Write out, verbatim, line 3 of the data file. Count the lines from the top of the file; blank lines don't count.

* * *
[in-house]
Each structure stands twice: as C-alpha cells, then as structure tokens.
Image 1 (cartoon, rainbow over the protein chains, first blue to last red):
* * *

Image 1 (cartoon, rainbow over the protein chains, first blue to last red):